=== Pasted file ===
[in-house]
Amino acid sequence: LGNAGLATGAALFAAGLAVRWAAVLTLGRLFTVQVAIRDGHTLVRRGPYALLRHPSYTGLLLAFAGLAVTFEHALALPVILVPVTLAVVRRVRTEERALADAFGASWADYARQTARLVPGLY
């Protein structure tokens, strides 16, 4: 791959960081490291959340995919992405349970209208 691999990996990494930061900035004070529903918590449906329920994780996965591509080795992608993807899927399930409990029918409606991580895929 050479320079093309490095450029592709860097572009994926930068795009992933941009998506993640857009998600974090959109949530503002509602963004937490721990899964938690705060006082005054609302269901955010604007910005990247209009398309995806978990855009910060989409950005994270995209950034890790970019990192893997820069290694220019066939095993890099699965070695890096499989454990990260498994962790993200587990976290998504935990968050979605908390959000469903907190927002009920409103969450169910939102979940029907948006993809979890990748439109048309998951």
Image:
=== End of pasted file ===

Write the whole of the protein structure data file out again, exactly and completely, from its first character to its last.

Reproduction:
[in-house]
Amino acid sequence: LGNAGLATGAALFAAGLAVRWAAVLTLGRLFTVQVAIRDGHTLVRRGPYALLRHPSYTGLLLAFAGLAVTFEHALALPVILVPVTLAVVRRVRTEERALADAFGASWADYARQTARLVPGLY
């Protein structure tokens, strides 16, 4: 791959960081490291959340995919992405349970209208 691999990996990494930061900035004070529903918590449906329920994780996965591509080795992608993807899927399930409990029918409606991580895929 050479320079093309490095450029592709860097572009994926930068795009992933941009998506993640857009998600974090959109949530503002509602963004937490721990899964938690705060006082005054609302269901955010604007910005990247209009398309995806978990855009910060989409950005994270995209950034890790970019990192893997820069290694220019066939095993890099699965070695890096499989454990990260498994962790993200587990976290998504935990968050979605908390959000469903907190927002009920409103969450169910939102979940029907948006993809979890990748439109048309998951």
Image: